Comportable to Compound
(Com*port"a*ble) a. Suitable; consistent. [Obs.] "Some comportable method." Wotton.
(Com*port"ance) n. Behavior; comport. [Obs.]
Goodly comportance each to other bear.
(Com`por*ta"tion) n. [L. comportatio.] A bringing together. [Obs.] Bp. Richardson.
(Com*port"ment) n. [F. comportement.] Manner of acting; behavior; bearing.
A graceful comportment of their bodies.
Her serious and devout comportment.
(Com*pose") v. t. [imp. & p. p. Composed ; p. pr. & vb. n. Composing.] [F. composer;
com- + poser to place. The sense is that of L. componere, but the origin is different. See Pose, v. t.]
1. To form by putting together two or more things or parts; to put together; to make up; to fashion.
Zeal ought to be composed of the highest degrees of all pious affection.
2. To form the substance of, or part of the substance of; to constitute.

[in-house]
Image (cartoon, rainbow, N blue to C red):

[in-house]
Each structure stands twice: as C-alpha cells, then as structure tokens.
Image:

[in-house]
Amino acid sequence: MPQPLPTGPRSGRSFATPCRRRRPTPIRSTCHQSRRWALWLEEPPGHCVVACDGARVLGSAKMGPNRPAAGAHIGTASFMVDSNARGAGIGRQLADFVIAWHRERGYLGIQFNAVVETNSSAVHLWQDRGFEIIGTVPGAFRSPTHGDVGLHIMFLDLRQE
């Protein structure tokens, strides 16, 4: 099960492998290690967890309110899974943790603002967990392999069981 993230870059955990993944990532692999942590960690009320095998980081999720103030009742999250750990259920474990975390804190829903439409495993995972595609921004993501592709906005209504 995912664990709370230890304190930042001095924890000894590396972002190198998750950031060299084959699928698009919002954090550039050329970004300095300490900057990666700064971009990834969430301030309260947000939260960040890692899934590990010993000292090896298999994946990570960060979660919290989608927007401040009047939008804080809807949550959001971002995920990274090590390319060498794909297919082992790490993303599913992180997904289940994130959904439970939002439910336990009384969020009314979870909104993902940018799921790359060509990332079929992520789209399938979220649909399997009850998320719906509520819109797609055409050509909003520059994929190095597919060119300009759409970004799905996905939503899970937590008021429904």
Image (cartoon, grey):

Their borrowed gold composed
The calf in Oreb.
A few useful things . . . compose their intellectual possessions.
3. To construct by mental labor; to design and execute, or put together, in a manner involving the adaptation
of forms of expression to ideas, or to the laws of harmony or proportion; as, to compose a sentence, a
sermon, a symphony, or a picture.
Let me compose
Something in verse as well as prose.
The genius that composed such works as the "Standard" and "Last Supper".
B. R. Haydon.
4. To dispose in proper form; to reduce to order; to put in proper state or condition; to adjust; to regulate.
In a peaceful grave my corpse compose.
How in safety best we may
Compose our present evils.
5. To free from agitation or disturbance; to tranquilize; to soothe; to calm; to quiet.
Compose thy mind;
Nor frauds are here contrived, nor force designed.
6. (Print.) To arrange (types) in a composing stick in order for printing; to set
(Com*pose"), v. i. To come to terms. [Obs.] Shak.
(Com*posed") a. Free from agitation; calm; sedate; quiet; tranquil; self- possessed.
The Mantuan there in sober triumph sate,
Composed his posture, and his look sedate.
Com*pos"ed*ly adv. Com*pos"ed*ness, n.